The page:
When we want to make a change in our lives, most of us have been taught that we have to take action as the first step. Fake it ‘till you make it… right?
Real change comes from and starts from within. It’s not just a cliché.
Actually, real change starts from the idea that change is possible. For most people going about their daily lives, everything they experience – and how they experience it – is simply “normal.” It does not occur to most people that it’s possible to feel better in each moment and each day.
It’s that idea – that there’s something better, something higher – that is the start of true change within our lives. Isn’t that what drives us all, really? If we knew this was as good as it gets, how would we feel about the remainder of our lives?
So before you go about trying to change your life – do you really believe it can be better? Do you really think that your day-to-day experience of life can feel more joyful, less stressful, or more peaceful? If the answer is “no,” you can stop right there. Nothing will get better in your life unless you believe it’s possible. You don’t have to believe it’s certain or even probable; you just have to believe it’s possible. And if you don’t – you have your work cut out for you. Try to figure out why you feel that way. That is your way forward.
For those of you who don’t have that stumbling block or have moved past it, then what? Do we just start taking action? Do we imitate the actions of those we perceive to have and live what we want? The answer to that is “no” for multiple reasons. Besides the fact that perception is not reality (we truly have no idea what other people are experiencing), action alone will not bring about change.
In order to experience the changes you seek, you need to change as a person first. Maybe you need to change a little, or maybe a lot. Maybe you have to change in many small increments, or a few big leaps. However it happens, your general state of being – some would call it your “vibrational level” – has to be different before your life experience is consistently better.
Here’s why that’s true: have you ever heard someone say, “the definition of insanity is doing the same thing over and over but expecting different results?” In other words, if you keep feeding a system the same input over and over again, would you expect a different output? If you did, would you be crazy? No, you’d just be unaware. If it did, then we’re all crazy in some area of our lives.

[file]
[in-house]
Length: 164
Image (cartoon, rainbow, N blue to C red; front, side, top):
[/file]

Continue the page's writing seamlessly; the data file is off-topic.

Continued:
Who we are as people – how we act, how we think, and how we perceive and treat others – is the input to our world, our life. It’s the input to the system of life. If we never change as people – if we continue to act, think, feel and believe in the same ways, could we expect the output of life to be any different? Where people fail here is they don’t recognize life as being a system, and they don’t recognize themselves as being life’s input, and they don’t believe that life’s output is related to anything about them. For a lot of people, it’s all very mysterious. Bad things (or good things) happen but nobody knows why.
I won’t tell you I’ve mastered life and know the “why” and “how” of everything, but I do know that as I’ve changed as a person, so has my life.
I used to focus on the negative aspects of everything as a habit. I grew up in a culture where this was normal and I carried it with me. I lived in the negative and received it right back from life. Tumultuous and unstable relationships abounded; from the workplace to the schoolyard. For as long as I could, I blamed everyone else.
Until one day when I read my journal (that went back many years) and I came to see that I was telling the same story over and over. Friendships or romances started, then ended abruptly and I’d made another enemy (or two or three) in the process. I came to see that the only common thread in those relationships was me.
I realized that it was me who had to change. And I did – as part of a process that took the next 10 or so years, and is still ongoing. Through all of this time, through life’s trials and errors, I taught myself to look for the positive in situations, other people, and most importantly – in myself.
Did my life change accordingly? You bet it did. My relationships became stable, my career satisfaction and success steadily improved, and I continue to build on those things today. No matter what actions I took during that time – what jobs I sought, what people I befriended or defriended – none of it made me feel better until I focused on changing myself – my attitudes, my beliefs – my inputs to life.
Today, I’m surrounded by the outputs of those internal changes. None of it would be here had I not ceased forcing action externally, and began focusing on myself internally. For those of you looking to make change in your lives, disregard conventional wisdom and motivational posters. Start by sitting quietly and getting to know yourself. It’s the most meaningful start you can have on your journey of change.